Since we first made use of our 3D printer, we’ve grown the number of things we’ve used it for, ranging from creating a participatory experience in our screening of Brooklyn Castle to combining Japanese sculpture with the Internet of Things. This has introduced new ways people can experience our art collection with 3D printing as a means to that end. As this technology has evolved however, artists have also found a use for 3D printing in the creation of art itself, building a new genre of sculpture crafted digitally but brought into the physical world one layer of material at a time.
The first objects explicitly 3D printed as art happened were created some time in the late 90s, using a 3D printer the size of a refrigerator with a price tag bigger than a yacht. In the decade that followed, the RepRap project introduced the idea of a desktop 3D printer, eventually leaving us in the present day, where a 3D printer can cost less than a smartphone. With 3D printing in the hands of an increasing number of artists, 3D printed art is proliferating along with long-established forms or art-making with long-established methods of learning their craft.
Every summer, our Education department’s Gallery/Studio Program brings in kids from around the community to join in workshops led by a professional teaching artist to learn how art is made and create works inspired by a work in our collection. This year, we launched Forward Thinking: 3D Printing, a class for tweens which incorporated 3D scanning and printing along with traditional clay work to create 3D scanned and printed works inspired by Fred Wilson’s Gray Area and the Beaded Crown (Ade) of Onijagbo Obasoro Alowolodu, Ògògà of Ikere. This class was sponsored by Deutsche Bank Americas Foundation through their Art & Emerging Technology grant program, which advances the usage of interactive technologies in cultural institutions.
Students used 3D scans of their heads to create busts, which they decorated with headpieces of their own design. We used more of the low-cost 3D Systems Cube 2 printers for printing with the 123Dcatch app on iPads for scanning and Tinkercad for 3D modeling to keep the costs of continuing to make art after the class reasonably low and accessible.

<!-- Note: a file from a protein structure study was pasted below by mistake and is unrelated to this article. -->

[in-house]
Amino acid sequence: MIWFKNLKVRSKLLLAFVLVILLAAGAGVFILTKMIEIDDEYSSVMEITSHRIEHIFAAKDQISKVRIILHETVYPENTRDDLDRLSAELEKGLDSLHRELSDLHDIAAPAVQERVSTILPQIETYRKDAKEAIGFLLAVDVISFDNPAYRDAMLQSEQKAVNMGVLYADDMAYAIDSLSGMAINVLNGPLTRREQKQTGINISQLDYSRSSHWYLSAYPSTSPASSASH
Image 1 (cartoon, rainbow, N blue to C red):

In addition to learning about 3D scanning and printing for our set of printers and software, the class was visited by working artists who got a chance to show how they make art and what it’s like to try making a living from it. Earlier this month the class also took a field trip to the Shapeways Factory of the Future in Long Island City, where they saw high-end printers in action transforming digital designs into SLS nylon, dyed gypsum, and other advanced materials.
After building their own individual works, students also got a chance to work together to create a collaborative work inspired by Gerrit Rietveld’s Doll’s House and the museum’s own Studio 1 room, which is being processed for printing in full-color sandstone at Shapeways at this very moment.
The students’s artworks will be on display in the Con Edison gallery on the first floor this fall starting September 13th, so be sure to check it out! In addition to the display in the museum, the crew behind Forward Thinking: 3D Printing will be presenting on the class at World Maker Faire in Queens on September 20th to the 21st. We hope to see you there!
David Huerta was a Web Developer at the Brooklyn Museum from 2011-2016. Aside from helping maintain and improve the museum's website and mobile apps, he experiments with new technologies to investigate their potential in the museum experience. Currently, he co-organizes Art Hack Day, a part-hackathon, part-happening which brings artists and hackers together for 48 hours to build a pop-up exhibition. Before arriving in New York, he was one of the founding members for HeatSync Labs, an Arizona hackerspace which brings makers, tinkerers, and the occasional futurist together to build things and teach others how to do the same.